WHERE TO GO, WHAT TO DO
START YOUR TRIP THROUGH KNOX COUNTY in the southeastern corner, at the agricultural communities of Goree and Munday. Check out Munday's murals and charming downtown square before you head out to fish and camp at Miller's Creek Reservoir (both activities are free).

St. Joseph_s Catholic Church_ Rhineland

CATHEDRAL IN A COTTON FIELD:
St. Joseph's Catholic Church, Rhineland

Just west of Munday, turn north to find the hamlet of Rhineland. St. Joseph's Catholic Church, "the Cathedral in the Cotton Field," is the focal point of Rhineland, founded in 1895 by a priest who wished to make land purchases available for German immigrants or German-descent settlers looking to farm. Life revolved around the church, and a magnificent house of worship was begin in 1927. Eventually completed in 1951, St. Joseph's Church features windows that depict central events in the life of Christ. The parish is renowned for its Sausage Dinner, held each fall.

Art from recycled tractor parts_ Knox City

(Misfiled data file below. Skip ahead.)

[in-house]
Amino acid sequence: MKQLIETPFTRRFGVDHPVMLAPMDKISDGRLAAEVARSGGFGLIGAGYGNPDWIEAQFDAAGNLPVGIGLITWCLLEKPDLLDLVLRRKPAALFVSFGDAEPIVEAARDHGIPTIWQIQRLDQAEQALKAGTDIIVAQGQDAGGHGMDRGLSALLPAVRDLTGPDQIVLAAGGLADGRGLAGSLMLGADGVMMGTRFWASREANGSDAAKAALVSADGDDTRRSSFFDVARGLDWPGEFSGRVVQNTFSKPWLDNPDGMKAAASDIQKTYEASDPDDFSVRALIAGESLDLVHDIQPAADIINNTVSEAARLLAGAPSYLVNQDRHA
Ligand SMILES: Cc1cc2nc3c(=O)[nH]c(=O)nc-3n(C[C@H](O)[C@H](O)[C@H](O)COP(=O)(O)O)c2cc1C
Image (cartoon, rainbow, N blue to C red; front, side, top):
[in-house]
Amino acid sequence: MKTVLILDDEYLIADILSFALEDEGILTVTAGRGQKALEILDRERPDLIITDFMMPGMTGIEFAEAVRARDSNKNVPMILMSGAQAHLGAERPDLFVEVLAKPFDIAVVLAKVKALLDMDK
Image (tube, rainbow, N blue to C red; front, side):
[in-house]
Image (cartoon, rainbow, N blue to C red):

Art from recycled tractor parts, Knox City
Knox City tractor art Head back to Texas Highway 222 and stop in for lunch or dinner at Knox City. Take your pick of Isabella's Tex-Mex Cafe
, Bud's Cafe, or The Pizza Place. Drive around and check out the tractor-part sculptures and numerous murals, including a brightly colored representation of area cattle brands.

Knox County_ Texas

OUR BRAND OF TEXAS: Visitors can decipher Knox County's storied cattle brands

Cross the Brazos River on Texas Highway 6, taking time to park and stroll across the old iron bridge. At times this watercourse runs low, exposing muddy banks of red soil; at other times, after fresh rains, it stretches from wide bank to bank, and it's easy to appreciate that this is America's 11th longest river. Rio de los Brazos de Dios, as the Spanish explorers called it, winds up at the Gulf of Mexico. 

The vistas along the dramatic ridge of The Narrows, between the Brazos and Wichita Rivers, conjure up long-ago days when bison roamed this landscape in vast herds.